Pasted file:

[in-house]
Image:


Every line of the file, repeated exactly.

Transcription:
[in-house]
Image: